Credit and finance for MSMEs: Co-lending marketplace Yubi Co.Lend on Tuesday said it has recorded over 3.5 million transactions in the financial year 2022-23 with 375 per cent year-on-year (YoY) growth in its gross transaction value and 250 per cent in volume. Secured SME loans and unsecured SME loans grew by 290 per cent and 158 per cent respectively in Q4 as compared to Q3 FY23. Co-lending as a model has gained momentum in the country as it allows banks to diversify their portfolios, and non-banking financial companies (NBFCs) to access cheaper funding sources leading to lower risk exposure and eventually reduced cost of funds.
The total co-lending portfolio declared by public sector banks for FY23-FY24 is Rs 25,414 crore, with the State Bank of India (SBI) accounting for the bulk, Yubi said in a statement. It noted that 16 co-lending partnerships were announced by various banks and NBFCs in the second half of FY23 alone.
Also read: Co-lending pacts between NBFCs gaining traction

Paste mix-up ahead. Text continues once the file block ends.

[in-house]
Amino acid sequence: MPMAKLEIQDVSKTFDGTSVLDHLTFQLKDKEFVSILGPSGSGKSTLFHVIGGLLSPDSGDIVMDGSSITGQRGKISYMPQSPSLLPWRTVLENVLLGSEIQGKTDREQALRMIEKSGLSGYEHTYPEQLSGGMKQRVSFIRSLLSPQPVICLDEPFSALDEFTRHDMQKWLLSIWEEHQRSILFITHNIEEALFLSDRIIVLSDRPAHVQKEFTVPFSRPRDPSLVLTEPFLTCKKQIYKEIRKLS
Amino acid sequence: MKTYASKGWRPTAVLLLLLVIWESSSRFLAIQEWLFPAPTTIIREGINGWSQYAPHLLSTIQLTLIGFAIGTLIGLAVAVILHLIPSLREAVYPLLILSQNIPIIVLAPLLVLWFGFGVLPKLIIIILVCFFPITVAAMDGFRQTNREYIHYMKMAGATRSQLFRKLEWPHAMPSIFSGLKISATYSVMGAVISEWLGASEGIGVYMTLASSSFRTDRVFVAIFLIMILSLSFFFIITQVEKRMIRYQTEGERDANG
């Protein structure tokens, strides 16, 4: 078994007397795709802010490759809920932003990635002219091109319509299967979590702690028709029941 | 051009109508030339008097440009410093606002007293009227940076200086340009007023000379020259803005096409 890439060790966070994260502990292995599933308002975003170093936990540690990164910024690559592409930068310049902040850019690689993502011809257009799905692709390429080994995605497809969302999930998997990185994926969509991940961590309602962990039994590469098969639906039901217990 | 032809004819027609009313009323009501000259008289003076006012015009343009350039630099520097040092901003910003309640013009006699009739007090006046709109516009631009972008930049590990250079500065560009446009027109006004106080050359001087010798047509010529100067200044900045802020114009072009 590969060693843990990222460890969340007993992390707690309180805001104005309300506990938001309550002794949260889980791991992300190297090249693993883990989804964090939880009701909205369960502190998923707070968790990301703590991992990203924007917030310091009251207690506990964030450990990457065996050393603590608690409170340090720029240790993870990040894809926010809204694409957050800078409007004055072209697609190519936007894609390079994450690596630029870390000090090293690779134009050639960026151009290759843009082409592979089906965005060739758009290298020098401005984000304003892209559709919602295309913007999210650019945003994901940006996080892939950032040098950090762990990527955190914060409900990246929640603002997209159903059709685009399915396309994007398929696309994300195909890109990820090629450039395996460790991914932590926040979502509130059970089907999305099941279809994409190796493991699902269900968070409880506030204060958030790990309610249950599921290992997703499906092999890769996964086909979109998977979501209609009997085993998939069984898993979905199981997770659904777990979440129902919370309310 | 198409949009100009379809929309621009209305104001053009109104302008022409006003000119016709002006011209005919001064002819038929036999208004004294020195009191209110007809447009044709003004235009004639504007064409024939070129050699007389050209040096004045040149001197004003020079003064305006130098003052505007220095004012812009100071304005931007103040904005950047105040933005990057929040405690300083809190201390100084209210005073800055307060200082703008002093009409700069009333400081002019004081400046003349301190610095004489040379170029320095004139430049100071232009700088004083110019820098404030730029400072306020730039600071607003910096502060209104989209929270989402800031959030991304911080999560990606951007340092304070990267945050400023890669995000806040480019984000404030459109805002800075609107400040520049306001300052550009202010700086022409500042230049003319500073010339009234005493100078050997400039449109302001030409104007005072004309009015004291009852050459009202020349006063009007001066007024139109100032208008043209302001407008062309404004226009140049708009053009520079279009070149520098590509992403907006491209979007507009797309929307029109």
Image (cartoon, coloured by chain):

Gaurav Kumar, Founder & CEO at Yubi said the issue of the credit gap in the MSME sector can be addressed through co-lending models. “In the dynamic economic environment with rising inflation and recessionary pressures, the dual ability of the co-lending model acts as a hedge for large financial institutions as it increases credit leverage and decreases credit risk,” he said.
The company currently has more than 500 co-lending partners, over 50 lenders, and records 1 lakh average daily transactions. Out of total co-lending transactions in India, according to the data recorded by Yubi, consumer loans (44.6 per cent) and secured SME loans (35 per cent) were the top asset classes for co-lending in India in Q4 FY23, indicating high demand for financing from consumers and small businesses.
Also read: How co-lending is changing the way public sector banks lend
Maharashtra, New Delhi, Karnataka, and Uttar Pradesh were the top states in co-lending transactions in Q4 FY23.
Co-lending as a model benefits both parties wherein relatively smaller NBFCs, which usually operate in remote geographies, can increase their business footprints and income by leveraging the balance sheet strength of banks. On the other hand, banks, through the risk and reward sharing model, are able to extend their geographical reach and fulfil their priority sector lending obligations.
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